May 24, 2019
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LePage found a way to create a state police motorcycle unit ‘out of nowhere’

Courtesy of Maine State Police
Courtesy of Maine State Police
Former Gov. Paul LePage poses with members of the new Maine State Police motorcycle unit in late December. The push for the unit came after an "out of nowhere" push from LePage, according to an email from the agency's colonel.

AUGUSTA, Maine — A small, new Maine State Police motorcycle unit that began with an “out of nowhere” request from former Gov. Paul LePage nearly a year ago will be rolled out formally in April.

Without legislative approval and using $171,000 in existing funds, the Maine State Police bought six motorcycles toward the end of 2018, along with trailers for the new unit, which will largely be used part time for ceremonial purposes and to promote recruitment with limited operational use that could include work at parades and other congested scenes.

Motorcycles were the first mode of transportation for the state police. The first three officers who died in the line of duty for the agency were killed in motorcycle crashes and the first 46 cars purchased by the agency in 1936 were traded for 47 Harley-Davidsons and 25 sidecars. The state police auctioned off its last motorcycles in 1954, according to an online state police history.

At least two Maine departments — South Portland and Scarborough — have motorcycle units, as do all other New England state police departments except Vermont. It’s a small amount of money for the Maine State Police, whose annual budget stands at $60 million. But the unit was established quietly under LePage by reallocating funds, and the co-chair of the legislative panel overseeing police said she didn’t know about it this week.

At the end of his tenure in December 2018, LePage issued a tweet referencing the new unit. In response to questions about it in January, department spokesman Stephen McCausland said the motorcycles would be unveiled publicly at an April 12 state police graduation ceremony.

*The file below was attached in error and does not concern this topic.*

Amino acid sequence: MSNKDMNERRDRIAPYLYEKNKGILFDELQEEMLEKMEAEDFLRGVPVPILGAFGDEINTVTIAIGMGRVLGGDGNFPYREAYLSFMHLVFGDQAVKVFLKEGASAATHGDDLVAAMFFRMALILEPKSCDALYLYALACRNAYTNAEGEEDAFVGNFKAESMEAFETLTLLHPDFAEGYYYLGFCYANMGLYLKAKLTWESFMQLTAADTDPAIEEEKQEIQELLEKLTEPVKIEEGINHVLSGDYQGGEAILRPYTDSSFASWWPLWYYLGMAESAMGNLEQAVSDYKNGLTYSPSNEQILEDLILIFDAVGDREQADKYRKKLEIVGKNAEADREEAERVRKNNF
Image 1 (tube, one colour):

On Friday, the state police explained the unit’s mission in a Facebook post before granting a Bangor Daily News request for financial records and emails on Monday under public access laws. After that, McCausland provided more information, including policies that will govern it.

The push for the unit kicked off in April 2018, when Lt. Col. John Cote of the state police emailed a counterpart in New Hampshire, asking for advice after what he said was an “out of nowhere” request from LePage to explore costs and steps related to it. However, Cote said in a written response to questions that the agency had previously wanted motorcycles.

Cote was running the agency on an interim basis then and would be nominated days later to lead it. He is now a colonel. Julie Rabinowitz, a spokeswoman for LePage’s political group, deferred to the state police when asked why he wanted the motorcycle unit, but the former governor’s Facebook post cited the agency’s history and that he wanted it by the end of his tenure.

The state police informed troopers that the unit was on track to begin in late May, candidates for riding positions were interviewed in July and the agency paid $5,700 in expenses between September and February related to training from the Connecticut State Police in that state.

In October, Cote emailed the state police’s social media coordinator to say he was going to post pictures of the motorcycles on his Instagram page. His aim was to get the word out “s…l…o…w…l…y” so the motorcycles didn’t “come out of nowhere,” saying his limited following was enough to “get the ball rolling” to prevent the unit from being derailed by “haters.”

By November, the state police were drafting policies governing the unit, and Cote expressed a desire to “get the bikes in front of the governor soon.” The Harley-Davidson motorcycles were purchased that month and LePage got a viewing on Dec. 28. Gov. Janet Mills took over for the Republican on Jan. 2 and no money is requested for the unit in her two-year budget.

Rep. Charlotte Warren, D-Hallowell, who co-chairs the Legislature’s criminal justice committee, said she knew nothing about the motorcycle unit. Sen. Bill Diamond, D-Windham, the co-chair of the Transportation Committee, said he thought it was a “good idea.” Spokespeople for Mills, a Democrat, didn’t respond to a request for comment.

Trooper Aaron Turcotte, the former president of the Maine State Troopers Association, said bringing back motorcycles is “long overdue. He said they “bring back a lot of history” that can be shared with the public as the agency’s 100th anniversary in 2021 approaches.

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